This Meeting Should Have Been an Email
Posted on Wed 27 October 2021 in blog • 6 min read
Fellow managers, there is an ongoing trope in just about any software technology or knowledge based organization (and probably others, too) that goes like this:
This meeting should have been an email.
It’s such a well-established meme at this point that you can buy mugs saying so. Or cross-stitched “award certificates”, or ribbons. And yet, many of you appear to dismiss it as a nerdy joke, and refuse to take the sentiment behind it seriously.
And this even though you may agree that your organization has too many meetings. Even that you are in too many meetings. But you’re convinced that sadly, sadly you can’t cancel that meeting. Or that one. Or the quarterly financials update. Or the update about the shakeup in the CTO office. Or the meeting explaining at your level what the CEO just communicated to everyone via a video message or an email of their own.
You can do it. I’m here to help.
“Email” means any structured, written communication that allows for feedback
Let’s set one thing straight to begin with.
The standing phrase is “this meeting should have been an email” because that’s catchy. But that’s not to say that you actually need to write an email message. What it really means is that to communicate whatever it is that you’re trying to get across, you use a medium that
- uses written expression,
- allows you to formulate complex thoughts and reasoning in writing,
- allows people to comment and share feedback, in writing,
- ideally allows for that feedback to subsequently be worked back into the original writing.
You’ll see that particularly considering item #4, email isn’t even the best option available at your disposal. Instead, you can look at the following, additional options, all of which will probably be available to you in some form:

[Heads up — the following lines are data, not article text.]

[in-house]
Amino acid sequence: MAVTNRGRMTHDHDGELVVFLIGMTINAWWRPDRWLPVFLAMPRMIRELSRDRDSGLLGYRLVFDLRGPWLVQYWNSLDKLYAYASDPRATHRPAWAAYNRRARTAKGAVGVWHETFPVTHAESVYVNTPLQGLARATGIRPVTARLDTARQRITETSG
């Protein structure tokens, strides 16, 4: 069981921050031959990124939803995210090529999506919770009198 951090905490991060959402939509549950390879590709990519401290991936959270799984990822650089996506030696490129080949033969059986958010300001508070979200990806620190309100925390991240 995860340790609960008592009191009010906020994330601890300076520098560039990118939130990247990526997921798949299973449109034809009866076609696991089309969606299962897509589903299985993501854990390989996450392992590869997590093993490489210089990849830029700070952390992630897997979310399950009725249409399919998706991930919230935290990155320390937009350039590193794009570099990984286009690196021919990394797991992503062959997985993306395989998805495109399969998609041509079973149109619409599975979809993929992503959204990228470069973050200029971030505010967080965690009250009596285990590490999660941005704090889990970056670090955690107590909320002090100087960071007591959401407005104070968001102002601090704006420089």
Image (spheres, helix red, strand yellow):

- a shared flow-text document, like a Google Doc, a collaboratively edited Office 365 Word document, or a Nextcloud Text document,
- a page in your organization’s wiki, like MediaWiki or Confluence,
- or even a barebones shared text editor, like Etherpad.
So all of these are good.1 All of them are better than a meeting. With near certainty at least one of them is available at your disposal.
Meetings burn people’s time
Meetings are gigantic time consumers. And the productivity gains from switching to well-structured written communications are enormous.
To illustrate, allow me to offer some first-hand experience. When I’m being called to attend a meeting, my colleagues will attest to the fact that I am a meticulous note-taker. I write meetings up in our corporate wiki, and I record notes, rather than producing a verbatim transcript. But I can guarantee you that I will write down every point that the attendees make that’s worth remembering or referring back to. This includes some key points that I do record word-for-word. I’ve been in meetings with 20 attendees of 1 hour in length. My meeting notes never go over 2,000 words for such a meeting, and usually they’re more like 1,000 words. So that means that for a meeting that burns 20 person-hours just to attend (that is, not including meeting prep), what actually gets said can be summarized in 2,000 words, tops.
Now, consider that the average silent reading rate for English speakers is approximately 240 words per minute. So people can read a 2,000-word summary in under 9 minutes, a 1,000 word one in about 4. In other words, by conveying the information in writing rather than orally, you can eliminate five-sixths to fourteen-fifteenths of that useless overhead. Or put differently, replacing an hourlong meeting with a well-written briefing gives each and every person 6 to 15 times more productivity. And that’s not even counting the benefits of eliminating the meeting as a forced synchronization point.
But writing things up means more work for me!